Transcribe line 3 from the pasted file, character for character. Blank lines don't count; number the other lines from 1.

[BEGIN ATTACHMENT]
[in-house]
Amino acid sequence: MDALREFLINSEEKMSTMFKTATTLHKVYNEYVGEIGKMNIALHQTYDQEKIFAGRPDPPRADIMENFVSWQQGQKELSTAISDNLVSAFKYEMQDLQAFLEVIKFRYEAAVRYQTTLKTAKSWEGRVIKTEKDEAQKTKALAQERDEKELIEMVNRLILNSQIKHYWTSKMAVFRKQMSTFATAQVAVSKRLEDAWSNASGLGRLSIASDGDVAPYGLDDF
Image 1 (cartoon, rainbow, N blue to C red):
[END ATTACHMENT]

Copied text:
Image 1 (cartoon, rainbow, N blue to C red):